Refugees: The Top Story of the Summit


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By Amanda Kruger

Think of the media storm around the boy that drowned off the shores of Turkey and the video of a father with a child fleeing authorities while a Hungarian camera woman trips them. Even John Oliver has now covered the subject. This is the hot topic.

But why is this refugee crisis receiving all this media attention?

At the Social Good Summit, the UN High Commissioner for Refugees spoke on the situation of refugees in Europe as of now.  Previously, refugee crises were isolated, never touching the developed nations.  Mass migration has been happening for years for Afghan, Iraqi, and Libyan refugees fleeing from their wartorn nations and economically desolate nations.


As Amnesty International recently cited, the "six Gulf countries — Qatar, United Arab Emirates, Saudi Arabia, Kuwait, Oman and Bahrain — have offered zero resettlement places to Syrian refugees" as well as other refugees.  Barriers for refugees trying to travel to their neighboring wealthy Gulf nations include strict visa requirements with high rejection rates, lack of interstate transportation, and hostile attitudes.  So where can they seek safety?


Sauce:  Vox

Although many have stressed that Gulf nations need to be taking refugees, some nations in the region are taking on refugees more than they can support like Turkey, Lebanon, and Jordan.

“Currently there is 1 refugee in 1,000 Europeans, but 1 refugee in 3 Lebanese ”

— António Guterres, UN High Commissioner for Refugees

These refugees had no media coverage until they began entering into Europe and now European politicians are bemoaning overstretched budgets and proportion of European natives to recently arrived Muslims. Lebanon is reportedly hitting a breaking point of being able to provide adequate space and care.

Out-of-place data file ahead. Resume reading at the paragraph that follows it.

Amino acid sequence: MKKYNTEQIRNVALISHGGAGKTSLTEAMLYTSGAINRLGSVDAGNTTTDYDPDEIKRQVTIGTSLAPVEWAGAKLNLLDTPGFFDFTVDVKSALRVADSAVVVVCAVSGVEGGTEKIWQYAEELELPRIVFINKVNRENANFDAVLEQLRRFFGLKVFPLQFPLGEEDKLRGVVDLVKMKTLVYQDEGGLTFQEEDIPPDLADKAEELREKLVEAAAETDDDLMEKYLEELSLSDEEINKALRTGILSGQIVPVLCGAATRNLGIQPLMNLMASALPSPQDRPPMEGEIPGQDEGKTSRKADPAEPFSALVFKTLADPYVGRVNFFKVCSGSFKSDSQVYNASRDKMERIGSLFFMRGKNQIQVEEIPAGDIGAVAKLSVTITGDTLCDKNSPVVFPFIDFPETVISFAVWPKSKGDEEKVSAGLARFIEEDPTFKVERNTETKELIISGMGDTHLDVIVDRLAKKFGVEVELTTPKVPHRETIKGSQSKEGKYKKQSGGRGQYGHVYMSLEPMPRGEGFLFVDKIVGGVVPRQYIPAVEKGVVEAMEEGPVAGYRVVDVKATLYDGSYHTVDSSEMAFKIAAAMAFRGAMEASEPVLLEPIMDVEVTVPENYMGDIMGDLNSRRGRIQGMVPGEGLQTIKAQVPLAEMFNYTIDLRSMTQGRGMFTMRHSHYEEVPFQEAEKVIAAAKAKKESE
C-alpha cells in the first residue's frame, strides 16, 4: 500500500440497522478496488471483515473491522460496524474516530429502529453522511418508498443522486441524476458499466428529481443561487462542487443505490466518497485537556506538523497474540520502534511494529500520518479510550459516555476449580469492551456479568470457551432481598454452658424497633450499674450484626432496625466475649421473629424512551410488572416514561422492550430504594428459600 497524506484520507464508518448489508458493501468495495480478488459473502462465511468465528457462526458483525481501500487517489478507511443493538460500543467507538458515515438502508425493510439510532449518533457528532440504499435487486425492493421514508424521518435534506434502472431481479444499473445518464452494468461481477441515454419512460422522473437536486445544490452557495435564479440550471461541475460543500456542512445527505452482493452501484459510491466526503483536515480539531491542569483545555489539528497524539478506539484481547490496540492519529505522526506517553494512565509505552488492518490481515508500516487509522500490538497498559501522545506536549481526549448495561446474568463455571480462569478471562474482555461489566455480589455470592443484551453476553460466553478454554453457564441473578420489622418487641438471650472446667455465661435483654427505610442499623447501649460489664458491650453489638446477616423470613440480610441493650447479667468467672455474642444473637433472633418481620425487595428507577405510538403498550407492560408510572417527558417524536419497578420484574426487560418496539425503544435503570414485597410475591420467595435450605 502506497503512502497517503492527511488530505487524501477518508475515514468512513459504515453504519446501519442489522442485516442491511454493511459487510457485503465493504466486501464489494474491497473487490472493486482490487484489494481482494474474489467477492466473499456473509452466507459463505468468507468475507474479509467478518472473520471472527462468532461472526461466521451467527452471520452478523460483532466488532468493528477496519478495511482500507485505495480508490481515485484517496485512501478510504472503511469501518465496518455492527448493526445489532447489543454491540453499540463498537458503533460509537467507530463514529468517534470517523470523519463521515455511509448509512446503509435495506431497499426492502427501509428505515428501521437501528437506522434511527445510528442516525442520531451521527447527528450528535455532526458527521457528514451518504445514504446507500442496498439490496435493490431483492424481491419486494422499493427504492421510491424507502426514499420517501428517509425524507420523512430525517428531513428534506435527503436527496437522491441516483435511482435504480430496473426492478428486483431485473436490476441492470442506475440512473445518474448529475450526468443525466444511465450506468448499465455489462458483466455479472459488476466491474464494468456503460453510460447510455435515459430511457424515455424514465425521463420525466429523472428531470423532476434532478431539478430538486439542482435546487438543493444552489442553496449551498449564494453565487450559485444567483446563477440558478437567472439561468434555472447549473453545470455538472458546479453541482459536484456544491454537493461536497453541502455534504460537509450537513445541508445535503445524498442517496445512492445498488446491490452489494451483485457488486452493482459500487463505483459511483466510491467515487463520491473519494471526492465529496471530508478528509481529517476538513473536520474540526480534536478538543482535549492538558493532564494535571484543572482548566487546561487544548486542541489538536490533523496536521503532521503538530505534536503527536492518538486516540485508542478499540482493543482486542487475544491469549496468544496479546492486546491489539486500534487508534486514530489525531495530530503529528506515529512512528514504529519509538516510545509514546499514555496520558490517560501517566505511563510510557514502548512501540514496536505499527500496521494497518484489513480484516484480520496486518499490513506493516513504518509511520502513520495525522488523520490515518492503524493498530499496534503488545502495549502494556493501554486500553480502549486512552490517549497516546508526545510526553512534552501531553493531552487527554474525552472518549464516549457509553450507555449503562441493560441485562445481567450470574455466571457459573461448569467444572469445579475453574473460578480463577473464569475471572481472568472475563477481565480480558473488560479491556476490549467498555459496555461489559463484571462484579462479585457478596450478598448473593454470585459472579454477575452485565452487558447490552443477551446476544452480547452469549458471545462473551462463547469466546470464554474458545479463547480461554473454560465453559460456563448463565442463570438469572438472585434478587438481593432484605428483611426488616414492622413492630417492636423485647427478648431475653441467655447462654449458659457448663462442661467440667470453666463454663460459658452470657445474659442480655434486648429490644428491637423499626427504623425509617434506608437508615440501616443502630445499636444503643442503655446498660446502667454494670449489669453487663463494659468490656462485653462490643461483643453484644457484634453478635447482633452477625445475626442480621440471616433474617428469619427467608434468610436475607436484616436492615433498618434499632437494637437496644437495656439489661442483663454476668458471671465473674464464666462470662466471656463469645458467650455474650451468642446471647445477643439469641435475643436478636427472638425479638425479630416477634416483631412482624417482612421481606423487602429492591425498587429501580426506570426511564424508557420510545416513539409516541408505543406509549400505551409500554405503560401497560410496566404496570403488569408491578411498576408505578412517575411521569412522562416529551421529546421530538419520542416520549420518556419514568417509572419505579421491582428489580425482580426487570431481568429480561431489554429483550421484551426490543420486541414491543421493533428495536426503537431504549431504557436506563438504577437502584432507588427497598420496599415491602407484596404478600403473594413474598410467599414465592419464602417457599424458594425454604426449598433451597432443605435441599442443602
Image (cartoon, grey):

American academics always point to Western Europe as the shining hope of liberalism and prosperity, but a new story of xenophobia and islamophobia is becoming blatantly clear for the world.

“Europe couldn’t function without immigrants, but neither could the United States.”

— António Guterres, UN High Commissioner for Refugees

Europe's fear makes sense in areas with strongly rooted cultures that struggle to incorporate new customs and assume assimilation as essential for stability.  Many of us can contrast the “melting pot” ideal behind the United States with European insistence on integration, but we know that has its own fallacies.

“Diversity is richness, it is not a problem”

— António Guterres, UN High Commissioner for Refugees

Cultural diversity is a struggle for nations that have stagnated in population while identifying with a single nationality and ethnicity. Many European nations have been flagged by economists for economic downfall as their birthrates have fallen and economies become more advanced without a laboring class; the migrant crisis may be the solution for their national future rather than the problem. 

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